Sexual assault is defined as any kind of sexual activity that is unwanted, done by one person to another without consent. These acts may include coercion (being persuaded or manipulated into having sex) or rape (being forced to have sex by someone known or unfamiliar). If anyone says “Stop” or “No” during sexual contact, the other person must stop. If they do not stop they are committing sexual assault.
So how can you figure out if what happened was sexual assault? There are three main considerations in judging whether or not a sexual act was consensual (which means that both people are old enough to consent, have the capacity of consent, and agreed to the sexual contact) or whether the sexual act is a crime. Therefore, here are a few questions to consider:
In Michigan, 16 is the age of legal consent. People below this age cannot legally agree to have sex. In other words, even if the child or teenager says yes, the law says no. Generally, “I thought she was 18” is not considered a legal excuse – it’s up to everyone to make sure their partner is old enough to legally take part in sexual contact.
People who cannot legally give consent:
If someone uses force or coercion to make another person have sexual contact that is illegal and considered sexual assault. If someone threatens another person, their children, their pet, etc. to force them to have sexual contact then that is sexual assault.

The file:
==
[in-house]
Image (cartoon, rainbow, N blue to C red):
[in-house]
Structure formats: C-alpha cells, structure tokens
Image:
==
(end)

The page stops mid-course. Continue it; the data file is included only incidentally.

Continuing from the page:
People respond to an assault in different ways. Just because you didn’t resist physically doesn’t mean it wasn’t rape — in fact, many victims make the good judgment that physical resistance would cause the attacker to become more violent. Lack of consent can be expressed (saying “no”) or it can be implied from the circumstances (for example, if you were under the age of 16, or if you had a mental defect, or if you were afraid to object because the perpetrator threatened you with serious physical injury).
Sexual assault can occur when the offender and the victim have a pre-existing relationship (sometimes called “date rape” or “acquaintance rape”), or even when the offender is the victim’s spouse. It does not matter whether the other person is an ex-boyfriend or a complete stranger, and it doesn’t matter if you’ve had sex in the past. If it is non-consensual this time, it is sexual assault.
Just because you don’t remember being assaulted doesn’t necessarily mean it didn’t happen and that it wasn’t rape. Memory loss can result from the ingestion of GHB and other “rape drugs” or from excessive alcohol consumption. That said, without clear memories or physical evidence, it may not be possible to pursue prosecution (talk to your local law enforcement for guidance).
Sexual assault can happen when the victim was unconscious or asleep. If you were asleep or unconscious, then you did not give consent. And if you didn’t give consent, then it is sexual assault.
Alcohol and drugs are not an excuse – or an alibi. The key question is still: did you consent or not? Regardless of whether you were drunk or sober, if the sex is nonconsensual, it is sexual assault. (If you were so drunk or drugged that you passed out and you were unable to consent, it was sexual assault. Both people must be conscious and willing participants.)
Know that what happened was not your fault, and no one deserves to be sexually assaulted.
If you suspect a friend or family member has been sexually assaulted, there are signs to look for. While there is no standard response, victims may experience a few, none or all of the following: